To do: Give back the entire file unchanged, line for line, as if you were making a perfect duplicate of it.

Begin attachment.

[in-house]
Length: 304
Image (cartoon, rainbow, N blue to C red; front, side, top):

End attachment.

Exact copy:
[in-house]
Length: 304
Image (cartoon, rainbow, N blue to C red; front, side, top):